Investigator(s): Jo Ireland
Equine grass sickness (EGS) is a predominantly fatal disease affecting grazing equids. Research suggests that EGS is a toxico-infection involving Clostridium botulinum (C. botulinum), with several studies demonstrating a protective effect of natural immunity to C. botulinum type C. Other clostridial diseases are successfully prevented by vaccination, implying that it should be possible to prevent EGS by vaccination.
This project will determine the efficacy of C. botulinum type C vaccination in preventing EGS by performing a nationwide randomised controlled field trial, comparing EGS incidence between groups of vaccinated and placebo-treated horses/ponies.
Recruitment for the EGS vaccine trial commenced in March 2014, enrolling privately owned horses/ponies from EGS-affected premises. Only horses/ponies over six months old, with a valid passport, and kept on premises with a history of at least one EGS case within the preceding three years were eligible for enrolment.
A total of 120 premises are participating in the trial (52% in England and 48% in Scotland), with 84 veterinary practices recruited as site investigators. A total of 1,001 eligible horses and ponies were enrolled by 221 owners. On enrolment, these horses/ponies were randomly selected to enter either the vaccine or placebo treatment group. Of the enrolled animals, 936 horses/ponies have completed the entire primary treatment course (comprising three vaccine or placebo injections administered at 21 day intervals) to date. For horses/ponies enrolled during 2014, annual booster administration commenced in April 2015, and these animals will receive a second annual booster in 2016. Three confirmed EGS cases have occurred within the study population to date. Preliminary interim analyses indicated that an extension to the EGS vaccine trial study period to include a third year is required to meet sample size requirements.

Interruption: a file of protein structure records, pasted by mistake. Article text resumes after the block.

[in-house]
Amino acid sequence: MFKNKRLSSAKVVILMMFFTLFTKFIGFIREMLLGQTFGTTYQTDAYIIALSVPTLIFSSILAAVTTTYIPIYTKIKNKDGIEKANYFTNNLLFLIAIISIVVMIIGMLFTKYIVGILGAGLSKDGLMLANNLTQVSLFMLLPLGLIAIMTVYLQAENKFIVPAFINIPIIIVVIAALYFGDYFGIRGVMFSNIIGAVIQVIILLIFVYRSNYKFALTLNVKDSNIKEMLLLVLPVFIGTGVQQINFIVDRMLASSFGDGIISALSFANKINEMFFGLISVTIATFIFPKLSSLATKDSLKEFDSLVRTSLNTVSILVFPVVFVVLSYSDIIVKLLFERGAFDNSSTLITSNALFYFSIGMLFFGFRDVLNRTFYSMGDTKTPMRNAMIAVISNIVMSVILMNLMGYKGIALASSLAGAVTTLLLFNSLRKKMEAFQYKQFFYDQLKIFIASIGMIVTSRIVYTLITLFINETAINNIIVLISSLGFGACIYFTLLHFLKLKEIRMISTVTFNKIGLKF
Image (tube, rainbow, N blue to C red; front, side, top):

Masking of treatment group allocations will be maintained until final data analyses are completed in early 2017, where the incidence of EGS will be compared between the vaccine and placebo treatment groups.
Demonstration of reduced disease incidence in vaccinated animals would provide a major breakthrough in EGS prevention, with an effective vaccine representing the first preventive healthcare measure to reduce the impact of this disease.